Fish for the Future event host Matt Dawson cheers alongside the tournament’s winner Mikayla Nikiforuk on Sept. 27. (Nora O’Malley photo)

Fish for the Future event host Matt Dawson cheers alongside the tournament’s winner Mikayla Nikiforuk on Sept. 27. (Nora O’Malley photo)

Willie Mitchell’s Fish for the Future catch-and-release derby nets $60,000 for wild salmon

“I liked releasing the fish because I know there are not that many salmon left.”

Tofino local Mikayla Nikiforuk reeled and released a feisty 11.745 lb coho over the weekend to land the top spot on leaderboard for Willie Mitchell’s fourth annual Fish for the Future Catch and Release Tournament.

The 12-year-old angler said she caught and let go the trophy fish between 9 a.m. and noon on Saturday at a spot called ‘Happy Face’.

“I reeled it in. It was really difficult. It was fighting. I liked releasing the fish because I know there are not that many [salmon] left,” Nikiforuk told the Westerly after Sunday’s award ceremony at Tofino Resort + Marina (TRM). The youngster walked away with an Atleo floatplane experience for four plus gift cards to Shed and Shelter and a Jeremy Koreski photo print.

Master fisherman Florian Besson headed up the weigh boat throughout the catch and release tournament. When a participating boat caught a fish, they would radio the weigh boat over so the fish could be measured and released safely.

“We give every boat a special net. Instead of them giving us the fish, they give us the net. They don’t indulge the fish at any moment. We take the net, we put the fish in a tote full of water and after that we measure the fish slowly to make sure it is comfortable. Then we release it very slowly,” said Besson.

“Every fish we caught this weekend was released properly, slowly and always wet. It’s very important if you want to release the fish to keep the fish wet. They will not lose any mucus on the skin and they will live a very, very long life,” he continued.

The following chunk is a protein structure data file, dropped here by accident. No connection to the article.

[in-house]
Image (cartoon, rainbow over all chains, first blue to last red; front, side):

He said 20 coho were caught and released successfully throughout the derby.

Tournament host Matt Dawson said he was thrilled to participate in his fourth Fish for the Future event.

“We want to bring wild salmon back to Clayoquot Sound, and that is first and foremost our objective,” said Dawson during Sunday’s closing ceremonies.

He said Fish for the Future and its partners Strawberry Isle Marine Research Society, Central Westcoast Forest Society, and Cedar Coast Field Station are all a big part of what the event is trying to accomplish.

Funds raised throughout the weekend long Fish for the Future tournament go into a Fish for the Future fund managed the Clayoquot Biosphere Trust (CBT), and as the Fund grows, disbursals will be made to support wild salmon protection and research projects in the following areas: shoreline protection and restoration, hatchery and salmon enhancement, land-based aquaculture developments, and catch and release initiatives.

Rebecca Hurwitz, executive director of the CBT, further explains how funds raised by the initiative support the “donor-advised” Fish for the Future Fund at CBT.

“A donor-advised fund is a type of endowment fund within the CBT’s community foundation portfolio. Donors make an initial gift to create the fund and can add to the capital any time. Each year, they advise the CBT on how they would like the endowment income to be directed based on their interests and priorities. The CBT then makes grants in the name of their fund to the charities of their choice,” said Hurwitz.

Willie Mitchell, co-owner of TRM, elaborates.

“Fish for the Future Fund has received over $60,000 to date and we are excited to grow the endowment this year. Catch and release is the direction we have to go in for our sport. We want to have fish for the future for our kids and our kids’ kids. This is a great way to achieve it,” said Mitchell.

“Each organization has a mandate and we sort of play that middle ground to help wild salmon. We all know this is less about the fish we are catching, but about the fish that are going back. As we get out of this crazy year of 2020, 2021 looks to be a year where we start implementing and start doing some stuff in the watershed and that’s what we want to do,” he said.

Anyone interested in supporting the Fish for the Future Fund is encouraged to visit and more information about the foundation can be found at

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READ: Minimal risk to wild salmon from viruses on farmed B.C. salmon: Fisheries Department

READ: Tofino’s Race for the Blue fishing derby casts philanthropic net

READ: Anti-salmon farm protesters rally outside DFO offices

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